Accurately Interpreting Real Application Clusters IOPS with Automatic Workload Repository. So Easy to Get So Wrong.

This blog post has been necessary for quite some time but I just now finally got around to posting it. What I’m going to blog about is a common problem I run into in my dealings with Oracle Database Administrators (DBAs). It’s about IOPS data in Automatic Workload Repository (AWR) reports. Please don’t roll your eyes. Not everyone gets this right. I’ll explain…

I cannot count how many times I’ve had DBAs cite some IOPS number from their workload only to later receive an AWR report from them that shows a mere fraction of what they think their IOPS load is. This happens very frequently!

I’m going to explain why this happens and then show how to stop getting confused about the data.

At issue is the AWR report generated by awrgrpt.sql which is a RAC AWR report. DBAs will run this script, generate a report, open it and scroll down to the System Statistics – Per Second section so they can see “Physical Reads/s”. That’s where the problem starts. That doesn’t mean it’s the DBAs fault, per se. Instead, I blame Oracle for using the column heading “Physical Reads/s” because, well, that’s 100% erroneous.

A Case Study

To make this topic easier to understand, I set up a small SLOB test. The SLOB driver script (runit.sh) produces both the RAC (awrgrpt.sql) and non-RAC (awrrpti) AWR reports. First, I’ll describe why SLOB can make this so easy to understand.

The following screenshot shows the slob.conf I used. You’ll notice that I loaded a “scan table” of 1GB for each schema. Not shown is the fact that I loaded 64 schemas.

For this type of testing I used the SLOB “batch” approach as opposed to a fixed-time test.  As Figure 1 shows, I set the WORK_LOOP parameter to 10, which establishes that each of the sessions will perform 10 iterations of the “work loop”–a “batch” of work as it were. To make the SLOB test perform nothing but table scans, I set SCAN_PCT to 100 and UPDATE_PCT to 0.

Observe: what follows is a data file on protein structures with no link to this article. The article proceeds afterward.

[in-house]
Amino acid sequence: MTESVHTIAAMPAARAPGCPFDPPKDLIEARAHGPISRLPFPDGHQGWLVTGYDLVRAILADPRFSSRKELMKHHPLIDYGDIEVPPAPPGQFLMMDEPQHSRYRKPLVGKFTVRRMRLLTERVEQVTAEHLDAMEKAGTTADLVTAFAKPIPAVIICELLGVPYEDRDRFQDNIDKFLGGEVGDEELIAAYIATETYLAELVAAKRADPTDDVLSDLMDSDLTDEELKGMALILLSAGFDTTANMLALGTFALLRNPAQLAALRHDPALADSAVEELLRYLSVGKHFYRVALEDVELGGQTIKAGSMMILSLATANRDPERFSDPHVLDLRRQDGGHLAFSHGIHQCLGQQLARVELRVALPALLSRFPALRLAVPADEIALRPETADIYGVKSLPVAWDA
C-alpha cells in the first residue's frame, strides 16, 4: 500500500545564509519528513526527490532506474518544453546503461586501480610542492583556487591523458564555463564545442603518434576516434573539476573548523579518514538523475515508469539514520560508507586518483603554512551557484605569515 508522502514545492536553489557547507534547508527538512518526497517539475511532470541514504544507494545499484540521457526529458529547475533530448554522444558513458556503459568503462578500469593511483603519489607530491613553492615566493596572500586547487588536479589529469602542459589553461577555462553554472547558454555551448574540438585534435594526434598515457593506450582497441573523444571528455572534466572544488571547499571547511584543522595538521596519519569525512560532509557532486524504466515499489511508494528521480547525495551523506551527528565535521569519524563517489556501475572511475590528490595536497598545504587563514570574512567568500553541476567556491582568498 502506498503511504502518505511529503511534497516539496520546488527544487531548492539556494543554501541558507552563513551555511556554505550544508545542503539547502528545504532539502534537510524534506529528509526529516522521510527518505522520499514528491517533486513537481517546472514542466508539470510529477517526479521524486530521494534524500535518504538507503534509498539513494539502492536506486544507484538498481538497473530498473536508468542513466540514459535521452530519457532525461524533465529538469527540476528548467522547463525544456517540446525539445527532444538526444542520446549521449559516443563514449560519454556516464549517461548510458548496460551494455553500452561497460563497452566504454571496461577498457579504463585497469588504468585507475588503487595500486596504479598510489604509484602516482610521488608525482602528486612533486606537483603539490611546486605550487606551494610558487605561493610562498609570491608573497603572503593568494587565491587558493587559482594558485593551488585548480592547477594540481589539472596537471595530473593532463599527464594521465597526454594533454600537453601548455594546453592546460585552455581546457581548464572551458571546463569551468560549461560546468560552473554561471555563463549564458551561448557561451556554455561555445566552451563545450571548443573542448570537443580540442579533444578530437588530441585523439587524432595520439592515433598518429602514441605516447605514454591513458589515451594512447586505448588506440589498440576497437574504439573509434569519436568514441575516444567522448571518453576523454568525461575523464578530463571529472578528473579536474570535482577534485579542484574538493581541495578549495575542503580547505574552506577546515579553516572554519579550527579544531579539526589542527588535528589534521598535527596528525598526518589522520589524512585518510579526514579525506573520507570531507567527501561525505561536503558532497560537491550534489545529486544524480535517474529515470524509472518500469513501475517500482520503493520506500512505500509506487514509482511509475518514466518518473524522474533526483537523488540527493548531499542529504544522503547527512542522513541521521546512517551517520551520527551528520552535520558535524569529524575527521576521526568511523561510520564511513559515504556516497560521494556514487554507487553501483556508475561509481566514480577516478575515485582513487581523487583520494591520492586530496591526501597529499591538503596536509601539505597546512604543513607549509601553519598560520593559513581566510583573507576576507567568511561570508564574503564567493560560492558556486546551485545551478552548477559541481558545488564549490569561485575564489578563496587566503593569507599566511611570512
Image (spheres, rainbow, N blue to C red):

Figure 1: SLOB Configuration File.

The runit.sh script produces both the RAC and non-RAC flavor of AWR report in compressed HTML format. The files are called awr.html.gz awr_rac.html.gz.

The RAC report differs from the non-RAC AWR report in both obvious and nonobvious ways. Obviously, a RAC report includes per-instance statistics for multiple instances, however, the RAC report also includes categories of statistics not seen in the non-AWR report. It is, in fact, one of the classes of statistics–only present in the RAC AWR report–that causes the confusion for so many DBAs.

Understandable Confusion – Words Matter!

Figure 2 shows a snippet of the RAC AWR report generated during the SLOB test. The screenshot shows the crux of the matter. To check on IOPS, many DBAs open the RAC AWR report and scroll to the Global Activity Load Profile where the per-second system statistics section supposedly reports physical reads per second. I’m not even going to spend a moment of your time to split the hairs that need splitting in this situation because the rest of the RAC report clarifies the erroneous column heading.

Simply put, the simple explanation for this simple problem is that Oracle simply chose an incorrect–if not simply over-simplified–column heading in this section of the RAC AWR report.

Logical and Physical I/O

Figure 2 shows the erroneous column heading. In this section of the RAC AWR report, both logical I/O and physical I/O are reported. In this context, all logical I/O in Oracle are single-block operations. What’s being reported in this section is that there were 68,115 logical reads per second of which 64,077 required a fetch from storage as the result of a cache miss. If Oracle suffers a miss on a logical I/O (which is an operation to find a cached, single block in SGA block buffer pool), the resultant action is to get that block from storage. Whether the missed block is “picked up” in a multi-block read or a single-block read is not germane in this section of the report. That said, I still think the column heading is very poorly worded. It should be “Blocks Read/s”.

 

Figure 2: RAC AWR Report. Global Activity Load Profile.

What are IOPS? Operations! IOPS are Operations!

That heading made me think of Charlton Heston swinging off the back of a garbage truck yelling, “It’s Operations, IOPS is Operations”. Some may get the Soilent Green reference. Enough of my feeble attempt at humor.

The acronym IOPS stands for I/O operations per second. The word operations is critical. An I/O operation in, Oracle database, is a system call to transfer data to or from storage. Further down in the RAC AWR is the IOStat by Function section which uses a term that maps precisely to IOPS–requests.  Another good term for an I/O operation is a request–a request of the operating system to transfer data–be it a read or a write. An operation–or a request–to transfer data comes in widely varying shapes and sizes. Figure 3 shows that the SLOB test described above actually performed approximately 8,000 requests–or, operations–per second from storage in the read path.

I’ll reiterate that. This workload performed 8,000 IOPS.